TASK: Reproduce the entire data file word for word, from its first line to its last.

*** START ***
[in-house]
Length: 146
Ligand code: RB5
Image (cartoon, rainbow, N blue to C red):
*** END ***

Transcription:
[in-house]
Length: 146
Ligand code: RB5
Image (cartoon, rainbow, N blue to C red):